A fat quarter of fabric is a one-fourth yard cut that usually measures 18 inches x 22 inches. To create a fat quarter, cut a half-yard of fabric, 18 inches along the fabric's lengthwise grain, then cut that piece in half at its midpoint.
The longest side's dimension sometimes varies because some quilting fabrics are not 44 inches wide.
How Does a Regular Quarter Yard of Fabric Compare to a Fat Quarter?
A typical quarter yard is 9 inches across and as wide as the fabric so a quarter yard of a quilting cotton usually measures 9 inches x 44 inches. Regular quarter-yard cuts of fabric can be used for any purpose, but are especially helpful for strip piecing, where long strips of fabric are sewn together and then cut into patchwork segments that mimic a portion of a quilt block.
You can use fat quarters for strip piecing by making extra strip sets from shorter lengths of fabric until you've cut the number of segments required for a pattern.
Fat Quarter Uses
Look at the illustration and you'll see that a fat quarter makes it easier to cut larger chunks of fabric than would be possible from a regular quarter yard, including strips that are twice as long on the fabric's stable lengthwise grain.
A fat quarter offers more versatility, whether it's for patchwork or appliqué. Quilt shops know that fat quarters are popular, and usually offer a wide assortment of them, stacked up and ready to go.
Fat quarters are perfect for sampler quilts, and when you're making a scrap quilt and buying them is one easy way to begin building your fabric stash. Fat quarters provide enough fabric to make nearly any quilt block in these pattern archives, with leftovers for another project.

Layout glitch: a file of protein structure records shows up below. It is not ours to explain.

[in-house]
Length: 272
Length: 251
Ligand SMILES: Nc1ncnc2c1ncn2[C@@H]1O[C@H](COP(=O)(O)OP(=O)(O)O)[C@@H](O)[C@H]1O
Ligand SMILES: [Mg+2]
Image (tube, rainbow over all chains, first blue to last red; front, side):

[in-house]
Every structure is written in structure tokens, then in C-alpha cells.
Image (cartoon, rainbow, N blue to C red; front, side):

What Is a Fat Eighth?
A fat eighth is half of a fat quarter and can be cut as shown in the illustration, or in the opposite direction, parallel to the fat quarter's longest edge. There's no true standard for fat eighths, so ask dimensions before you buy.
Fat Quarter Cutting Example
There are hundreds of ways to cut fat quarters into usable patches for quilts. If you know ahead of time how many patches you need, reduce waste by rotary cutting long strips of fabric first and then cut shapes from the strips.
Keep in mind that not all fat quarters measure 18 inches x 22 inches, and that if you pre-wash the quarters, they will likely shrink a bit, fray, and could become distorted.
The examples show how you might use fat quarters to create no-waste flying geese that finish at 3 inches x 6 inches.
- 20 (3 7/8 inches x 3 7/8 inches) squares are cuttable from one fat quarter. The squares become side triangles of flying geese.
- 6 (7 1/4 inches x 7 1/4 inches) squares can be cut from another fat quarter to create the peaked areas of the geese if the fabric is truly 22 inches long. A 2 1/2-inch-wide strip should be left over to the right of the squares.
- Use all of the small squares and five of the large squares to make 20 flying geese.
- Cut four more 3 7/8-inch-squares to create four more geese from the sixth 7 1/4-inch-square.
More Ways to Cut Fat Quarters
You can cut small squares from regular quarter yards too, but sometimes fat quarters are easier to deal with, especially for beginning quilters who aren't accustomed to cutting long strips of fabric.
Long quarter-yard cuts tend to become more distorted in the wash than fat quarters.